Handling the reality of respiratory infections while living with SMA

Since a common cold can hospitalize me, I take extra steps to safeguard myself

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by Alyssa Silva |

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If you’ve never shivered at the sound of someone coughing, chances are you’ve never experienced the weight of a respiratory infection. For someone living with SMA, that’s not usually the case. Getting these infections can be dangerous and life-threatening for us, even if they’re simply common colds. In fact, I’ve had many common colds that have gotten me admitted to an intensive care unit. I’ve also been intubated for them.

At the very least, every respiratory infection involves an intense regimen of care, whether it’s at home or in the hospital. For me, that means around-the-clock nebulizer treatments with albuterol, chest physical therapy, and extra time spent on a BiPAP to open my lungs.

Because I’m too weak to cough up mucus on my own, I need extra support in loosening my secretions. These added measures allow me to have a productive cough and breathe easier.

As you may imagine, a lifetime of illnesses with SMA has taught me to become vigilant and proactive. My friends, family, and caregivers know not to come near me if they have any type of illness. I’ve been programmed to look at people’s noses when I’m out in public. If they’re red, chances are that person is sick. If I hear someone cough, I become, as the saying goes, a deer in headlights: I freeze, do a quick scan of my surroundings, and try to locate who’s coughing. Then I do my best to avoid that person.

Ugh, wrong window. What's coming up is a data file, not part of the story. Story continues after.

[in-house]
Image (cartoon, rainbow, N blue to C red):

Most decisions I make involve what’s best for my health. That being said, the process has become so automatic for me that I often don’t realize I’m doing it. I don’t live in fear or fixate on doing everything in my power to stay healthy. Getting sick eventually is inevitable. So I stick to my routines and know that when the illness does arrive, I did all I could for my body.

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When the danger is at home

Last month, however, I was met with a new challenge when both my parents had nasty respiratory infections. Worse than my being in a household with two sick people, they’re also my main caregivers. Their colds only overlapped for about a week, but for six consecutive weeks, there was an illness lingering in the air I was breathing.

Life was certainly stressful during that period. Both parents wore masks and gloves. With wet coughs, they’d change into clothes that were germ-free when handling me. I’d ask for less help and sacrifice my normal daily routine to avoid as much contact as possible. My mother would disinfect everything daily. And we’d all do our best to avoid contact with one another.

I was living in my own personal hell.

I’m not sure how, but I skillfully avoided their viruses. Somehow, I came out of it unscathed. Despite the difficulties, this experience reinforced the importance of adaptability and resilience. It showcased the lengths my family and I were willing to go to maintain my health. And it reinforced the strength that can be found in the face of adversity.

Note: SMA News Today is strictly a news and information website about the disease. It does not provide medical advice, diagnosis, or treatment. This content is not intended to be a substitute for professional medical advice, diagnosis, or treatment. Always seek the advice of your physician or other qualified health provider with any questions you may have regarding a medical condition. Never disregard professional medical advice or delay in seeking it because of something you have read on this website. The opinions expressed in this column are not those of SMA News Today or its parent company, BioNews, and are intended to spark discussion about issues pertaining to spinal muscular atrophy.


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